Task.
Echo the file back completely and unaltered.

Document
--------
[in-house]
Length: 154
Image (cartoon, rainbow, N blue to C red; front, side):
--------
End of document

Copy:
[in-house]
Length: 154
Image (cartoon, rainbow, N blue to C red; front, side):